Again, I figure it's probably less of a problem for violin than it is for cello, because the bow movement is somewhat more “up and down” rather than “left and right” anyway and also you have more freedom of movement to avoid clashing with other players.
    For chamber music, folk stuff and generally solo playing, none of this matters, you'll just move in whatever way you please.

I'd say, definitely give it a try!

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Presence or absence of the flexor digitorum superficialis will make little or no difference in your playing.

How to tell if you have it or not

The way to tell that you are missing this muscle is to hold your first three fingers straight against resistance, and flex your pinky. If your pinky does not flex, you have no flexor digitorum superficialis in that hand. If your third finger is flexed, you can flex your fourth finger to that degree.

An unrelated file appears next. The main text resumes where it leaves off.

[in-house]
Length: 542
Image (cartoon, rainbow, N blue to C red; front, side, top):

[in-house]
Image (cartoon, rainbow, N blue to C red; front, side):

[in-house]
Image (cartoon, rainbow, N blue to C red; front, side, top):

My experience

I've yet to run into a situation on the violin where this affects my playing. I never, ever have my fingers perfectly straight while playing. It may mean that your fourth finger of the left hand is marginally more difficult to learn to fully use your fourth finger than for a player who has that muscle, but even that is very uncertain. In my experience, hand size and how much you practice are all more significant to fourth finger ability than the presence or absence of the flexor digitorum superficialis.

Any effects are likely to be so slight and subtle that they get lost in the noise of how much practice you put in and how much talent you have for music.

Source

I'm missing that muscle in both hands, so I like to ask players to test if they have it. Most do, but I've never seen it significantly affect the musicianship of those who don't.